Saudi lab teams up with UL to target renewables

Updated 12 October 2017

Saudi lab teams up with UL to target renewables

LONDON: US-based safety analysis firm UL has joined forces with Saudi Arabia's GCC Lab to boost the region’s renewable energy market.
The joint venture will pool resources and update certification requirements as the firms expand further into the green energy sector.
The venture will focus on services related to renewables — such as pre-commissioning tests, construction monitoring services and product testing of solar PV modules, including accessories that comply with benchmark standards.
Historically, private company UL — which has operations around the world — has drafted safety standards for electrical devices and components.
UL’s regional base operates out of offices in Dubai and its new state-of-the-art lab facility in Abu Dhabi. The joint venture will operate as a UL and GCC Lab Company and will be based in Dammam, to cater to customers throughout the Middle East, including Egypt.
A joint announcement said the partnership would capitalize on UL’s reputation as the leading safety science company in the region and on the GCC’s strength and mandate as part of the Kingdom’s Vision 2030 to diversify its economy.
Hamid Syed, vice president and GM, UL Middle East, said: “We are delighted to be able to be part of aggressive renewable targets by offering a complete range of services via the new joint venture company and excited about developing new relationships through the extended client base.”


Huawei given 90 days to buy from US suppliers

Trader Tommy Kalikas works on the floor of the New York Stock Exchange, Monday, Aug. 19, 2019. (AP)
Updated 20 August 2019

Huawei given 90 days to buy from US suppliers

  • Shortly after blacklisting the company in May, the Commerce Department initially allowed Huawei to purchase some American-made goods in a move aimed at minimizing disruption for its customers

WASHINGTON: US Commerce Secretary Wilbur Ross said Monday the US government will extend a reprieve given to Huawei Technologies that permits the Chinese firm to buy supplies from US companies so that it can service existing customers, even as nearly 50 of its units were being added to a US economic blacklist.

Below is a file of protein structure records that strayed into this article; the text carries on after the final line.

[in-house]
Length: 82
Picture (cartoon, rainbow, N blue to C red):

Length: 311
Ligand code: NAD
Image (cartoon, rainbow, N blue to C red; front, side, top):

The “temporary general license,” due to expire on Monday, will be extended for Huawei for 90 days, he told Fox Business Network Monday, confirming an expected decision first reported Friday by Reuters. He also said he was adding 46 Huawei affiliates to the Entity List, raising the total number to more than 100 Huawei entities that are covered by the restrictions.
Ross said the extension was to aid US customers, many of which operate networks in rural America.
“We’re giving them a little more time to wean themselves off,” Ross said.
Shortly after blacklisting the company in May, the Commerce Department initially allowed Huawei to purchase some American-made goods in a move aimed at minimizing disruption for its customers.
The extension, through Nov. 19, renews an agreement continuing the Chinese company’s ability to maintain existing telecommunications networks and provide software updates to Huawei handsets.
Asked what will happen in November to US companies, Ross said: “Everybody has had plenty of notice of it, there have been plenty of discussions with the president.”
When the Commerce Department blocked Huawei from buying US goods earlier this year, it was seen as a major escalation in the Sino-US trade war.
The US government blacklisted Huawei, alleging the Chinese company is involved in activities contrary to national security or foreign policy interests.

BACKGROUND

The US blacklisted Huawei, alleging the Chinese company was involved in activities contrary to national security or foreign policy interests.

As an example, the blacklisting order cited a pending federal criminal case concerning allegations Huawei violated US sanctions against Iran. Huawei has pleaded not guilty in the case.

The order noted that the indictment also accused Huawei of “deceptive and obstructive acts.”
At the same time the US says Huawei’s smartphones and network equipment could be used by China to spy on Americans, allegations the company has repeatedly denied.
Huawei, the world’s largest telecommunications equipment maker, is still prohibited from buying American parts and components to manufacture new products without additional special licenses.
Many Huawei suppliers have requested the special licenses to sell to the firm. Ross told reporters late last month he had received more than 50 applications, and that he expected to receive more. He said on Monday that there were no “specific licenses being granted for anything.”